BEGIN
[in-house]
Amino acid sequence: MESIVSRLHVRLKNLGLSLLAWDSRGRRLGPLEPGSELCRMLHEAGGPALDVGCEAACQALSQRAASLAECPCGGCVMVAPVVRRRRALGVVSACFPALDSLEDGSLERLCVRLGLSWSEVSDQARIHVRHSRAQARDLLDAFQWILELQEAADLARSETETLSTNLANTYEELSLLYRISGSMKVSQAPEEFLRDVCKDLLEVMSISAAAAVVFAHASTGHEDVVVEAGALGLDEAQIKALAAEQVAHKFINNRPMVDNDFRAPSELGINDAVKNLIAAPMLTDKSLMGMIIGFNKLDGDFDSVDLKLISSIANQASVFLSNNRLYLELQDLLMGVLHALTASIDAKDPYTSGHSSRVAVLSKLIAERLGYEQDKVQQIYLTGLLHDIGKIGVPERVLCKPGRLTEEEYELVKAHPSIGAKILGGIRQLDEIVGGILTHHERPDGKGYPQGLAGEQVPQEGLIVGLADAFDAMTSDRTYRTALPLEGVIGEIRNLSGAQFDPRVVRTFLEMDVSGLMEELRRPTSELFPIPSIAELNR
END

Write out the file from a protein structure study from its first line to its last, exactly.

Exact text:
[in-house]
Amino acid sequence: MESIVSRLHVRLKNLGLSLLAWDSRGRRLGPLEPGSELCRMLHEAGGPALDVGCEAACQALSQRAASLAECPCGGCVMVAPVVRRRRALGVVSACFPALDSLEDGSLERLCVRLGLSWSEVSDQARIHVRHSRAQARDLLDAFQWILELQEAADLARSETETLSTNLANTYEELSLLYRISGSMKVSQAPEEFLRDVCKDLLEVMSISAAAAVVFAHASTGHEDVVVEAGALGLDEAQIKALAAEQVAHKFINNRPMVDNDFRAPSELGINDAVKNLIAAPMLTDKSLMGMIIGFNKLDGDFDSVDLKLISSIANQASVFLSNNRLYLELQDLLMGVLHALTASIDAKDPYTSGHSSRVAVLSKLIAERLGYEQDKVQQIYLTGLLHDIGKIGVPERVLCKPGRLTEEEYELVKAHPSIGAKILGGIRQLDEIVGGILTHHERPDGKGYPQGLAGEQVPQEGLIVGLADAFDAMTSDRTYRTALPLEGVIGEIRNLSGAQFDPRVVRTFLEMDVSGLMEELRRPTSELFPIPSIAELNR